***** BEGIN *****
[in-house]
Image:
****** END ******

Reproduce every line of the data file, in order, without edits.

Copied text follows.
[in-house]
Image: